About 70 percent of respondents said science and the broader STEM field have a diversity problem, with women and minority groups lacking equal access to education. The world also is more environmentally conscious, especially about ocean pollution, intensifying natural disasters and climate change.
“Working remotely and changing our behavior all around the world has helped people realize a few different things: Technology works,” 3M chief sustainability officer Gayle Schueller said. “The safest place is to be outdoors, so people are getting more in touch with the environment.”
In an interview with The Long Game, Schueller talked about 3M, which operates in 70 countries and makes tens of thousands of products, including respirators and masks, and its sustainability goals. The company wants to reduce plastic use and greenhouse gas emissions and close racial and gender disparities in STEM.
Here are highlights, edited for length and clarity.
LG: Globally, people are more worried about the environment because of the pandemic, but Americans to a lesser extent. Why do you think that is?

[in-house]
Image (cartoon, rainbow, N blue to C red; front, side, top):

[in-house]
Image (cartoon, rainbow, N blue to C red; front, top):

GS: Europe is where we see the highest interest around sustainability. There is a lot of legislation and consciousness-building there. In Asia or Latin America or Africa, there are more day-to-day risks, where people are seeing and feeling the effects of plastic waste or poor air and water quality.
In the U.S., we are a little behind the rest of the world. We’re somewhere in the middle. We don’t have the legislation like they do in Europe and Nordic countries, but we’re also not faced with extreme challenges like air pollution that are felt personally.
LG: Plastic waste is a top issue. What is 3M doing to build a more circular economy?
GS: We make a lot of products with plastic. We need to think about the right time to use what material, and partner with suppliers and customers to get those materials back into the stream.
That means reducing dependence on virgin, fossil-based plastics by 125 million pounds by 2025, more than five times the weight of the Eiffel Tower. Also pulling more recycling products into our supply chain. There is also bio-based plastics. We’ve developed plant-based adhesives used in Post-it notes and Scotch tape.
With every material we have to do a life cycle analysis to make sure it’s actually more sustainable.
Eventually plastic will be like aluminum and steel. There will be so much value in it, you won't think about wasting it. That’s key to a circular economy.